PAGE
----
First, I have to give you our definitions:

Consider $\Omega:=\mathbb{R}^n\setminus\overline{B}_R(0)$ with $R>0$ and $n>1$. The function $\phi\colon\Omega\to G:=B_R(0)\setminus\left\{0\right\}$ with $$ y=\phi(x):=\frac{R^2}{\| x\|^2}x\text{ for }\| x\|>R $$ is called Kelvin-transformation (relating to the sphere $S_R(0)$). Let $u\colon\Omega\to\mathbb{R}$. The function defined by $$ v(y):=\frac{\| x\|^{n-2}}{R^{n-2}}u(x)\text{ for }\lVert x\rVert >R~~~(*) $$ is called Kelvin-transform of u.

Alternatively, the Kelvin-transform of $u$ can be definied by $$ v(z):=\frac{R^{n-2}}{\lVert z\rVert^{n-2}}u\left(\frac{R^2}{\lVert z\rVert^2}z\right)\text{ for }\lVert z\rVert <R. $$

Let $u$ be harmonic in $\Omega$. Then its Kelvin-transform is harmonic in $G$. Show that for the case $n=2$.

To be honest, I do not know, what is to show here, because if I take the alternative definition of the Kelvin-transform, for $n=2$ it is $$ v(z)=u\left(\frac{R^2}{\lVert z\rVert^2}z\right), z\in G $$ and then $$ \Delta v(z)=\Delta u\left(\frac{R^2}{\lVert z\rVert^2}z\right)=0, $$ because $x:=\frac{R^2}{\lVert z\rVert^2}z$ is in $\Omega$ and $u$ is harmonic in $\Omega$.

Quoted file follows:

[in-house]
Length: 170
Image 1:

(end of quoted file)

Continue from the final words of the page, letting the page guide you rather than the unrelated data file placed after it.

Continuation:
So I only had to use that the inverse of the Kelvin-transformation is given by $$ \phi^{-1}\colon G\to\Omega, y\longmapsto\frac{R^2}{\lVert y\rVert^2}y. $$

Is that the proof? It seems TOO easy...

  • 1
    $\begingroup$ You have $(\Delta v)(z) = \bigl(\Delta (u\circ \phi)\bigr)(z)$, it is not obvious that that becomes $\bigl((\Delta u)\circ \phi\bigr)(z) \cdot \text{ something with }\phi$, you have to calculate to see that. $\endgroup$ – Daniel Fischer Dec 10 '13 at 14:50
  • $\begingroup$ How can I for example calculate $\frac{\partial}{\partial z_1}(u(\frac{R^2}{\lVert z\rVert^2}z))$? $\endgroup$ – math12 Dec 10 '13 at 15:47

Generally, to compute the partial derivatives of a composite function, you use the chain rule,

$$\frac{\partial (u\circ \phi)}{\partial z_i}(z) = \sum_{k=1}^n \bigl(\partial_k u\bigr)(\phi(z))\cdot \frac{\partial \phi_k}{\partial z_i}(z).$$

To compute the Laplacian, you need second order derivatives,

$$\frac{\partial^2 (u\circ\phi)}{\partial z_i^2}(z) = \sum_{k,m = 1}^n \bigl(\partial_m\partial_k u\bigr)(\phi(z))\cdot \frac{\partial \phi_k}{\partial z_i}(z)\cdot\frac{\partial \phi_m}{\partial z_i}(z) + \sum_{k=1}^n \bigl(\partial_k u\bigr)(\phi(z))\cdot \frac{\partial^2 \phi_k}{\partial z_i^2}(z),$$